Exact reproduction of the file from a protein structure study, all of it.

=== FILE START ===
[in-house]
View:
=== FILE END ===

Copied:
[in-house]
View: